Remote vs In-Person: What we can learn from GitHub’s move to an all-remote workforce

GitHub is closing all its offices and going all remote. What does that mean for technology development and managing technology teams?

When GitHub speaks, the software world listens. The Microsoft subsidiary hosts more software code than any other organization. It is the preferred source code repository for most of the prominent open-source projects. GitHub was born into a world of remote — the team did work on-site together but always had a wide array of remote collaborators. The very functionality of GitHub — a product designed to facilitate asynchronous work on software projects — clearly influenced the company’s culture. 

(Note: GitHub also laid off 10% of its workforce, which is brutal, and driven in part by a wish to cut costs. But clearly, they think the company can run well fully remote.) 

Git, the underlying software platform that is the foundation of both GitHub and GitLab, its main competitor, has highlighted that massively scaled collaborative efforts can work with entirely remote and asynchronous efforts. This is not to say zero real-time personal interaction is optimal. Collaborators on projects do meet at conferences in person and may have Zoom calls. A staple of open-source software projects is the “Community Call” which is usually an open video session. That said, Git, GitHub, and GitLab have all pioneered and normalized not only remote first but asynchronous business. 

Contrast this with the noise coming out of Microsoft, the parent company of GitHub. Notably, Microsoft has put out research concluding that remote work reduces team collaboration and by implication, innovation, and productivity. Microsoft has a goal of hybrid schedules with 50% of worker time spent in offices. However, the company is struggling to hit that number

The divergence between the two organizations is not really surprising. Culturally, Microsoft and much of its leadership team come from a different era, when in-person was considered essential. This colors the company’s culture and norms in many ways. It also likely colors even the research. The widely reported findings stopped measuring early in the pandemic, well before teams had fully adjusted to the new reality. And even as managers have consistently reported that teams are more productive with people in offices, loads of surveys of workers have indicated otherwise. Most experts on remote work come down in favor of hybrid as the perfect mix, as long as everyone on a team is in the office together on the same days. 

For GitHub and the new generation of remote-first, asynchronous startups, forcing butts into chairs is near anathema. For these types of companies, the idea that someone has to come into an office to be productive is laughable because they have built great companies and great things without ever setting foot in an office. GitLab has always been remote-first and all-remote — it does not have a physical office. In fact, the rapid growth of GitLab may have even helped GitHub make its decision (the two are fierce competitors) as a necessary means to attract and retain talent.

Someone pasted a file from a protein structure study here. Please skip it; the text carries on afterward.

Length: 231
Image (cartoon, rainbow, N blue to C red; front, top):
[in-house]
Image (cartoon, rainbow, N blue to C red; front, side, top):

For technology companies — which increasingly is all companies — a key decision is finding the right point on the continuum of in-person, remote, and hybrid.

A secondary decision point is asynchronous (designing processes so workers can be productive without having real-time interactions). This is a critical part of designing and fostering a culture that works for the organization. With engineers and technology workers, that decision is increasingly biased towards remote and hybrid so companies must understand the longer-term implications of their decisions in terms of recruiting, work velocity, and outcomes. 

The research on this is all over the map. So it really becomes a matter of what works for the executives and, perhaps more importantly, the employees (even in a downturn, high-end engineering hires are an extremely tight market). This may even break down into team-by-team decisions in organizations that afford more autonomy. And it closely relates to the work being done. For a company like Tesla, which involves physical products, in-person may be far more advantageous and efficient. For a company like GitLab or organizations like GitHub, in-person may actually be damaging to their business. 

Where you and your team land on this topic should be a company-wide discussion and decision — not something handed down from on high. There is no definitive right or wrong answer. There are only bad outcomes from choosing a work style that doesn’t suit your employees and your culture.